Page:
University College Hospital Galway has confirmed that a “small number of staff” involved in the care of Ms Halappanavar have yet to return to work.
The hospital has also revealed that it has lost a number of staff as a result of the fallout from the controversy surrounding the death of Ms Halappanavar.
Some of the 30 medical professionals who had a direct involvement with Ms Halappanavar have opted for a change of career. Others have gone either on sick or protective leave or taken a career break.
The details were revealed yesterday in an independent review of the HIQA recommendations in its report into the death of Ms Halappanavar.
Ms Halappanavar, 31, was 17 weeks pregnant when she miscarried and subsequently died from septic shock on October 28, 2012.
Her death, five days after she was refused a termination, sparked widespread public debate that eventually forced a controversial change in Ireland’s abortion legislation.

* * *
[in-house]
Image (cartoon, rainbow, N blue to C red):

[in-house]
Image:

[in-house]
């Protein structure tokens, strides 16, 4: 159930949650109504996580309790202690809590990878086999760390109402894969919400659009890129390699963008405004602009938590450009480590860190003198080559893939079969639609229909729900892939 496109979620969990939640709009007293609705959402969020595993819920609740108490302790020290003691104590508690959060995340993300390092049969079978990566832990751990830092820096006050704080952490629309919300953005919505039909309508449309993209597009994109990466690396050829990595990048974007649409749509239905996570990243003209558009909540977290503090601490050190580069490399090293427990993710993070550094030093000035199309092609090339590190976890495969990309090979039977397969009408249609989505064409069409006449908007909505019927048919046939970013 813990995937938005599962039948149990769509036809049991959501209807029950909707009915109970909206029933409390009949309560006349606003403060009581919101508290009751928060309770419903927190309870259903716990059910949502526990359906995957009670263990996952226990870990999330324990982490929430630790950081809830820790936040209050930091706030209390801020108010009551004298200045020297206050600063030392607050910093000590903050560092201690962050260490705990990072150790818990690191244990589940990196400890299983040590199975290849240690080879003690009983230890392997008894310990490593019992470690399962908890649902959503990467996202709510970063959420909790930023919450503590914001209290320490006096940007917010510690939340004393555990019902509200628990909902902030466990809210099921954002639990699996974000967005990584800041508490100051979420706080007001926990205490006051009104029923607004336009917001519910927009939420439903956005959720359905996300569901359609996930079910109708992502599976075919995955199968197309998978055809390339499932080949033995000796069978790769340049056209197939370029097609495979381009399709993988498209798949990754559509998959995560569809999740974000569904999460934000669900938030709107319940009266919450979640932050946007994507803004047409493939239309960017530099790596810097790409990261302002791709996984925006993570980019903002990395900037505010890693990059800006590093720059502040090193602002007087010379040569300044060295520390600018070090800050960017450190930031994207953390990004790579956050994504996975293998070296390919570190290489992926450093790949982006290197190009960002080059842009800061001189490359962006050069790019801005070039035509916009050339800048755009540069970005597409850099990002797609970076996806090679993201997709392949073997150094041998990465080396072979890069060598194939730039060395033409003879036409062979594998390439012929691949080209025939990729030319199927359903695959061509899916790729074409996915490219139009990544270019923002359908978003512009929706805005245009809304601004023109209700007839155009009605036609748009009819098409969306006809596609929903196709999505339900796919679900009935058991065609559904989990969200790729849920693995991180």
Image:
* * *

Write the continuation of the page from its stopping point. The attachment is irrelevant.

Last November, Saolta University Health Care Group ordered a review of the actions of all staff members who treated Ms Halappanavar at UHG.
It followed three separate investigations into her death.
Over a number of months, the involvement of 30 staff was reviewed.
Legal action by her husband Praveen against the HSE is believed to be ongoing.
Last October, HIQA published its report into issues relating to the death. It said there was a failure to recognise she was developing an infection and to act on her deteriorating condition.
It found that University Hospital Galway did not have effective arrangements to regularly record and monitor her condition, and that the management of the delivery of maternity services was not consistent with best practices.
HIQA made 34 recommendations on improving the care of clinically deteriorating pregnant women. Yesterday an independent review of those recommendations was outlined at a public board meeting of the Saolta Hospital Group in Galway